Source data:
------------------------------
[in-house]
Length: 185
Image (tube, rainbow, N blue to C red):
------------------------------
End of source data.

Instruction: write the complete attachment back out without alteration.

[in-house]
Length: 185
Image (tube, rainbow, N blue to C red):